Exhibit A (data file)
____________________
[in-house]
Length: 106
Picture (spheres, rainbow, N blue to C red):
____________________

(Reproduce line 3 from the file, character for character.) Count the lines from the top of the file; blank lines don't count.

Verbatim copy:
Picture (spheres, rainbow, N blue to C red):